Disable Save (Add, Change or Delete)
Disconnect Store (Add)
Enable Suspend (Change or Delete)
Edit (Change) Submit (Add, Change or Delete)
Insert (Add and Change) Update (Add, Change or Delete)
Maintain (Add, Change or Delete)
75

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Function Point Analysis

  • 1. Function Point Analysis ISO/IEC 20926:2009 ARAF KARSH HAMID
  • 2. Topics 2 1. Software Sizing Background 2. Function Point 3. Rules for Counting FP 4. Deep Dive - Function Point Analysis 5. Case Study 6. General Software Characteristics Details
  • 3. History – Measurement Methodologies 3 • Lines of Code (Oldest) • Use case based Software Sizing • IPFUG Function Point Analysis (ISO)
  • 4. Need for Software Sizing 4 1. Estimation and Budgeting 2. Phasing Development Work 3. Prioritization of Work 4. Monitoring the Progress 5. Bidding for Projects 6. Allocating Testing Resources 7. To measure and Manage Productivity 8. Risk Assessment 9. Software Asset Valuation 10. CMMi Level 2 and 3 require that a valid sizing method be used.
  • 5. Software Sizing – Lines of Code 5 The easiest and historically the most common method in Sizing Software project has been counting the number of lines of code and / or the number of screens. Advantages Automation of the counting process can be done Intuitive as the measurements are easily understood Disadvantages Lines of Code is language and the skill set of the developer The coding phase is only around 30-35% of the actual software development. Lack of counting standards (What about comments, notes etc.?)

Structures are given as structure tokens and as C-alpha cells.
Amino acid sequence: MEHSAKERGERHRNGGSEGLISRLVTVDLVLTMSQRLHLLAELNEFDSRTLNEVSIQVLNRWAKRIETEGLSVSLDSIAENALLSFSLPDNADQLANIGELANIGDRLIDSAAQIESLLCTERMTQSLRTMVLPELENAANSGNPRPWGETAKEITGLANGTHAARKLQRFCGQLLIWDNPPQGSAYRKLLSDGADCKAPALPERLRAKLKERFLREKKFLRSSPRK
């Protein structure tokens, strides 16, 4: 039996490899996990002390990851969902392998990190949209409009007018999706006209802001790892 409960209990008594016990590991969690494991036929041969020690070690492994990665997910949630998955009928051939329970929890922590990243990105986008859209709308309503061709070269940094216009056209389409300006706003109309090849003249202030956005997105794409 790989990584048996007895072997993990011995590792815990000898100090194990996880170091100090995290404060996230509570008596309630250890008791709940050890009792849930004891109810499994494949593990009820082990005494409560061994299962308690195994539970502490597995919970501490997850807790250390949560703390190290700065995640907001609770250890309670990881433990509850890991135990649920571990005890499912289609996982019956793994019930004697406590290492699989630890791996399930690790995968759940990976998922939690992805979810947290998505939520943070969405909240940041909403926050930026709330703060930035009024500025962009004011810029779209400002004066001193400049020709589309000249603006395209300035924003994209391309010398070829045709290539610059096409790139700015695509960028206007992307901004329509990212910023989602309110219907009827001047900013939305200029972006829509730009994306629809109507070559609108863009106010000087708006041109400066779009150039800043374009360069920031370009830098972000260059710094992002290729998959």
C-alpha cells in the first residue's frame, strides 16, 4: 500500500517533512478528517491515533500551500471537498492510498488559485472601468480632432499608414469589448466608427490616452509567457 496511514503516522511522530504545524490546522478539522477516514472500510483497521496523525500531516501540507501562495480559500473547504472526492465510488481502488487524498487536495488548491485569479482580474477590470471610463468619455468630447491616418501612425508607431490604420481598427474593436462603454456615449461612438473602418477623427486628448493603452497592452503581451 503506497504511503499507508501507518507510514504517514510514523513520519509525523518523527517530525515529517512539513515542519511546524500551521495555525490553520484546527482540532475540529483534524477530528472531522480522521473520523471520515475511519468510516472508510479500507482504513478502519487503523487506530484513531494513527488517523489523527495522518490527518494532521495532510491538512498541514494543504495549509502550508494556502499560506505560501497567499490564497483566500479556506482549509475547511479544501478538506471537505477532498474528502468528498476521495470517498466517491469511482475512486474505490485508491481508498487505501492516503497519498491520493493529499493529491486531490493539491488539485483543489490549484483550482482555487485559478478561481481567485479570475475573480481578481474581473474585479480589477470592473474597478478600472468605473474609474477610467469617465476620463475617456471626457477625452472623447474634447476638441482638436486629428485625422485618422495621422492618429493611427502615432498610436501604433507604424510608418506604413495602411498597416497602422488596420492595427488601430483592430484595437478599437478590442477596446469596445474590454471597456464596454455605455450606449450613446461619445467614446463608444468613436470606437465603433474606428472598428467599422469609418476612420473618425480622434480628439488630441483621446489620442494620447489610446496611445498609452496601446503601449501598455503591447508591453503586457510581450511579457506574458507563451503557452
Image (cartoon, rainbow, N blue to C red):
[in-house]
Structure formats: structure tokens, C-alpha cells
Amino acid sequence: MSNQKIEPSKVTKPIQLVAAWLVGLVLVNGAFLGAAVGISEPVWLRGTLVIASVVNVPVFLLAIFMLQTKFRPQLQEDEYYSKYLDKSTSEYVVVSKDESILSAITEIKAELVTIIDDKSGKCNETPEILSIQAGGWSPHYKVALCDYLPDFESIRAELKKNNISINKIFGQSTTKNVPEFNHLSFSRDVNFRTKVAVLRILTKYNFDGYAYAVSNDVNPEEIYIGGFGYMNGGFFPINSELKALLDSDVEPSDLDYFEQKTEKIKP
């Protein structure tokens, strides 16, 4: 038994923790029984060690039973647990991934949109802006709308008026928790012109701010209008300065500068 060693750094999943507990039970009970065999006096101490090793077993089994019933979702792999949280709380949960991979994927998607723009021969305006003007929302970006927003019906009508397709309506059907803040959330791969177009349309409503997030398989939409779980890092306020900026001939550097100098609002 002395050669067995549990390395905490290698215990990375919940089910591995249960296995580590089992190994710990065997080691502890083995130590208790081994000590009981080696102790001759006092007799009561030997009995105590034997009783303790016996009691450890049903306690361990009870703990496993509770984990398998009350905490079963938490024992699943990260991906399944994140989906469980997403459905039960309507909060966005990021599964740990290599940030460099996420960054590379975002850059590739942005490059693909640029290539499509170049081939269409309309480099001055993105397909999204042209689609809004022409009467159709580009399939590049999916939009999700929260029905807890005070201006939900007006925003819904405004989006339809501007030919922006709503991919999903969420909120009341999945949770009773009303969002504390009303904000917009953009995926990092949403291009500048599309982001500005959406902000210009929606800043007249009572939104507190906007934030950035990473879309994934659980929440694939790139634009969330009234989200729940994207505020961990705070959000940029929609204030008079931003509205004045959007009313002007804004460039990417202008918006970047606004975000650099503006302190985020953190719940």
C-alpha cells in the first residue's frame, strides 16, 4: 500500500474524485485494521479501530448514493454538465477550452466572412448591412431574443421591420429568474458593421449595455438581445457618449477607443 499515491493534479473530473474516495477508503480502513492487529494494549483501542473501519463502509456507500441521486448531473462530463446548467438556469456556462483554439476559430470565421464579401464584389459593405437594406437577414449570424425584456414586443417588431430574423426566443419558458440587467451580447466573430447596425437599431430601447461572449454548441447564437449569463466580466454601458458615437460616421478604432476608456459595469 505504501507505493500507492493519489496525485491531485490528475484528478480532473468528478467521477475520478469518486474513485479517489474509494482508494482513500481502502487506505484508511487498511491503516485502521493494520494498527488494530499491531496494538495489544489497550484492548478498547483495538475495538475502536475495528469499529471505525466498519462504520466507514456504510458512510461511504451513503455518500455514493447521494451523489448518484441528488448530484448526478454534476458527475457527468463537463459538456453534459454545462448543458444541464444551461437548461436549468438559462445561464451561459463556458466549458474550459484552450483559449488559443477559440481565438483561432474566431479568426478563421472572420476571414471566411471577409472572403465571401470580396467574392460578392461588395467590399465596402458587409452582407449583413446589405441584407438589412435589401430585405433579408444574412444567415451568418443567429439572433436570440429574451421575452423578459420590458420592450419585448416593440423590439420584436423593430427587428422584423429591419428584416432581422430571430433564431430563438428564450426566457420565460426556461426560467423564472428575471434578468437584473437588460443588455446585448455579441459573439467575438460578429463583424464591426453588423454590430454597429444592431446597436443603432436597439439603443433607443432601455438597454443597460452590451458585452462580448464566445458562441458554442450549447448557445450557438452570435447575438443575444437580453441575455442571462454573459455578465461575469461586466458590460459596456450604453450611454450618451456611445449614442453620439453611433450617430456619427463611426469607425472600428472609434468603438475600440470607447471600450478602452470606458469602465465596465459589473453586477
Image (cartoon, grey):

• 6. Lines of Code 6 • Language Dependent • Skill dependent • Unknown until written • No Standards • Function Points are better
  • 7. History 7 1979 – Function Points introduced by Alan Albrecht 1984 – First FP guidelines 1986 – First IFPUG Board of directors 1994 – CPM Release 4.02003 ISO Standard 2003 – ISO Standard
  • 8. Best in Class Software Companies 8 Best In Class • 30% Requirement • 35% Design • 25% Coding • 10% Testing Worst In Class • 10% Requirement • 15% Design • 37% Coding • 38% Testing • Higher Productivity • Higher Quality • Less over time • Less Redundancy • More Specialization • Software Measurement Programs
  • 10. Overview of Function Point 1. Measured from the users perspective 2. Technology Independent 3. Low Cost (Once the system is in place) 4. Repeatable 5. Works well with use cases 6. Answers lots of questions 7. Can be automated 10